The examples listed in Box 5.2 indicate the sorts of initiatives that have been undertaken at the local or regional level.55 They include, for example, public operation of a multiservice network, where a municipal or county agency is the operator, providing retail services to the end user. Municipal service monopolies are not unusual--water or sewer authorities are the dominant model, and public power utilities are found in a number of locales--but the high level of complexity and rate of change in telecommunications technology compared with water or electricity supply pose a risk. And as noted above, this approach may raise objections from private sector providers, who see the public service as being unfairly subsidized. However, if there is no private sector provider on the horizon, it may be an attractive option.
Another option is some form of public-private partnership. Again, this raises concerns about the risk in a government body's entering into what may be a long-term relationship with a selected private sector player. If the relationship sours, it may be difficult to replace the private sector player. This sort of approach runs the same risk as that with exclusive cable franchising--communities may derive revenue or other benefits from the arrangement, but the partner may not deliver the level or quality of service desired. Additional complications arise if the public sector has contributed funding to the venture.
The drawbacks of the approaches listed above argue that local governments concentrate on taking steps to encourage and facilitate competition among private sector players rather than creating new quasi-monopolistic entities. As a public sector partner with multiple private providers, a public agency would not be competing with a private sector retail service provider. Another advantage of this strategy is that it means that private sector providers do not have to negotiate with each other to obtain access to facilities, which reduces the need to regulate their conduct.
Easing access to rights-of-way is the simplest step, but this may not be enough to induce new entrants. Another option is for a local or regional government agency to install fibers (or conduits through which fibers can later be pulled) and use this investment to lower the barriers to entry by private sector players by making the infrastructure available to them. This approach can be implemented in a number of ways. One is the "fiber condominium" model, in which a locality declares its intention to build out fiber along its streets and invites any interested parties to purchase some share of the fibers installed (and possibly installs additional dark fiber for future use). Typically, some provision is made to lease colocation space for service providers at the fiber termination points. Alternatively, the locality may enter into partnerships with one or more private sector companies to install (and possibly maintain) the fiber. The town itself can sign up, as can schools and municipal departments, businesses and other private sector players in the town, citizens themselves, and any interested broadband providers. The locality provides the motivation and coordination for joint action--it shares in the cost of the common construction, but it may also prohibit the digging up of streets again for some period after the construction. By avoiding the extra cost of uncoordinated overbuilding--keeping down the per-passing costs--this approach attempts to provide competition at per-passing costs comparable with those of a single provider. Local and regional government or quasi-governmental agencies can also act in effect as anchor tenants that underwrite some of the cost of installing infrastructure, reducing the costs for other government agencies, private sector firms, or even individual customers. The consequence of this action is that more providers may be motivated to enter the market in the town.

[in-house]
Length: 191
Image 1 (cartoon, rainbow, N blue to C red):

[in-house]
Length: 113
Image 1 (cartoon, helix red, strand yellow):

Finally, localities may choose to launch experimental pilot projects to explore new technologies, system architectures, or business models. State or federal grants can help support communities exploring options or enable them to purchase facilities that today are more costly than they will be in the future when suppliers are able to achieve scale economies in the production of such equipment. Such pilot efforts can demonstrate the viability of systems, demonstrate the extent of demand for them at the local level, and support achievement of scale in use, either by closing access gaps or increasing interest in use. The state or federal role is appropriate, given that results of the experiment can help inform future private sector or public sector initiatives using similar systems. New developments can also build in broadband infrastructure, as is beginning to happen (Box 5.3).